Have you looked at the interest rate your school is earning on cash lately? Many of our schools hold a significant amount of cash, due to debt covenants or other reasons. In fact, our schools often maintain a liquidity ratio of six months or more. Your school can benefit from this cash by earning interest on it.
This type of cash is rarely within investment portfolios since it is considered emergency cash and cannot be put at risk. Therefore it’s up to business office staff to manage it prudently. Much of this cash is likely earning 0% interest when it could be earning much more, often 1% or more.
A mere 1% may not sound like much, but consider this example: 1% of $1 million is $10,000 per year, all of which could be used to enhance program and/or reduce stress on fundraising. Depending on the liquidity ratio and a school’s tuition rate, the amount could be equivalent to annual tuition from several students. From another viewpoint, it might cover the salary of a business office employee.
So what can a school do to obtain a higher interest rate on their cash?
Money Market Accounts
An easy step is to check what interest rate your bank is advertising for their money market accounts. This should be readily available on their website, or you can contact your banker for information.
Then, compare that information to the rates other banks are offering. Some banks looking to attract new customers will offer a rate that is higher than others; they strategically take less profit to acquire additional business. Your bank may not be able to match the interest rate of this type of competitor, but your banker should be willing to work with you to achieve an improved rate.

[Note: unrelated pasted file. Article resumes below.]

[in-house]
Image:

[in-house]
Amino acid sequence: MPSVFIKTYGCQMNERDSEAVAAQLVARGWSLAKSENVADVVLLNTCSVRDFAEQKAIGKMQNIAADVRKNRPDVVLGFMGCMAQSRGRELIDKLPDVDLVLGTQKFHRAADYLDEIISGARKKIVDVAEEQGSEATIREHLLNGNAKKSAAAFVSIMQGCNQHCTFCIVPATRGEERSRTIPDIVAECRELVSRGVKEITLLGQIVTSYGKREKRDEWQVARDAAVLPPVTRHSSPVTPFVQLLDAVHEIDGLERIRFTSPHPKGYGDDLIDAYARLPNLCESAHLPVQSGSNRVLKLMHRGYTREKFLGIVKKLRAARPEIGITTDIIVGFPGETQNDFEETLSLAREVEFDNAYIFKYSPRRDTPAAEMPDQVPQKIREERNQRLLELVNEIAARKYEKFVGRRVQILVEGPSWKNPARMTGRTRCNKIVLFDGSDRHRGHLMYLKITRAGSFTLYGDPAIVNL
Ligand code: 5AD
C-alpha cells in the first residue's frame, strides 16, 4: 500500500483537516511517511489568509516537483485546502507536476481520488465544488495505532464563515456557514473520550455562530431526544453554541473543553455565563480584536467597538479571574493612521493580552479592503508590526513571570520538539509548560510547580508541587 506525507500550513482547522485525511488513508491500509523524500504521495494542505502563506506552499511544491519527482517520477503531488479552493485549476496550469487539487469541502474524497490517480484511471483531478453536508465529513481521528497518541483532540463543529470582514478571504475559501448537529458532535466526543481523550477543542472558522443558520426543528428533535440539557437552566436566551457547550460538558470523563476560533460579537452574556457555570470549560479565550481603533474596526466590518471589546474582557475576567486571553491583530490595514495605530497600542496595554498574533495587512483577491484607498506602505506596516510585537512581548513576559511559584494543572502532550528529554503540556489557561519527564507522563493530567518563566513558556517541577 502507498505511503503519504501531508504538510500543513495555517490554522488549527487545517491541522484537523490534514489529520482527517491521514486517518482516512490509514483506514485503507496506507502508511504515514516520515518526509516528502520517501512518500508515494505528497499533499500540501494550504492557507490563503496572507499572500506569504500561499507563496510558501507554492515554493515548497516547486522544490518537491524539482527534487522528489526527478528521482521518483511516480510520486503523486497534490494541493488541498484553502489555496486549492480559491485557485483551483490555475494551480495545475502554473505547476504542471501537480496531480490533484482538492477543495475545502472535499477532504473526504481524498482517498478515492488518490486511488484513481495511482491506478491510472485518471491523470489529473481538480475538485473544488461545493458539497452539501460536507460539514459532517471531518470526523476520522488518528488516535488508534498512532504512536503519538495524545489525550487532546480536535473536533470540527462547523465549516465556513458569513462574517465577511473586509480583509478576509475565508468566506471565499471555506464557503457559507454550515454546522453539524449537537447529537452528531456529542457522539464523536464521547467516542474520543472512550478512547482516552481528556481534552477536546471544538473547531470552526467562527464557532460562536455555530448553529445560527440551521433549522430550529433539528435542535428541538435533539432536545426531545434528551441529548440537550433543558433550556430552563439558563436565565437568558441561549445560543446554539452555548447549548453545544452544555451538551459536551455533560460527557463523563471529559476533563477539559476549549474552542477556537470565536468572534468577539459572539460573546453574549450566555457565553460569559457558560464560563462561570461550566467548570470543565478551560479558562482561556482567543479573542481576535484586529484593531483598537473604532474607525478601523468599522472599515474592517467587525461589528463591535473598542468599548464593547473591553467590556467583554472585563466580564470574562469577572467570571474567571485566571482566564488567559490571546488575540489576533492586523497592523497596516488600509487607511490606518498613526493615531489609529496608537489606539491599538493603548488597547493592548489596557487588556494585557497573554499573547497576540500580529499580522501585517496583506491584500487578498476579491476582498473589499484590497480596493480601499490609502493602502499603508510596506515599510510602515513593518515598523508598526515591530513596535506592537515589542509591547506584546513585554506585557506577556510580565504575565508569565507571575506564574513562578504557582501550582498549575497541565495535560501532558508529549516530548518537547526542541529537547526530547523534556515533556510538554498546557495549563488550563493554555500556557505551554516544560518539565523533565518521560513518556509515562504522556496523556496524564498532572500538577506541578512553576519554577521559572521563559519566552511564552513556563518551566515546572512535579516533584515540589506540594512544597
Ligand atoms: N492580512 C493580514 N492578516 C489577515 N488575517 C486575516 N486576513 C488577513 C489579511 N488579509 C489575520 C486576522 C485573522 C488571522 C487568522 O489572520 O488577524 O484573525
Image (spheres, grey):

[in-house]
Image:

Large banks rarely offer high interest rates because they provide other benefits to customers such as physical locations, ATMs and in-person representatives. Smaller or online-only banks will often offer higher interest rates to attract additional deposits. Sometimes a school will find it effective to use a smaller bank for the majority of their banking needs and keep a small account at a larger bank for physical cash purposes.
Sweep accounts are a common way to automatically transfer excess funds from a checking account to a higher interest rate account daily. This takes advantage of higher interest rates at night and on the weekends when funds are not clearing. Your banker will be able to advise on what their sweep account rates are and if it would make sense for your school.
Certificates of Deposit
Often, certificates of deposit (CDs) will carry a higher interest rate than money market or sweep accounts because CDs cannot be drawn upon until they reach maturity. Also, the interest rate will be fixed for the period of time until maturity is reached. If you withdraw the funds before they mature, you lose the interest, but there is generally no other penalty or loss of funds. Thus, the funds can still be considered liquid.
CDs can be acquired in tranches, so the purchases can be spread over a period of months or quarters. This enables the CDs to mature at various times so funds become available regularly. This also has the benefit of not jeopardizing the entire amount of interest if you need to access a portion of the funds quickly. For example, rather than buying $1 million of 1-year CDs at the same time, with the result that all will reach maturity at the same time, you can buy $250,000 in the first quarter, $250,000 in the second quarter, and so on, so that after a year, 25% of funds would be mature and available. You can keep the cycle going so that a portion is always becoming available, or you can stop the cycle as you need the funds.
CDs are available in a variety of maturity periods, and banks will generally attach different interest rates to the periods based on their perception of market factors. In normal periods, CDs with a longer time horizon will generally have higher rates, but in times of volatility, CDs with a shorter time horizon may have a higher rate. Be aware, and compare and consider your needs.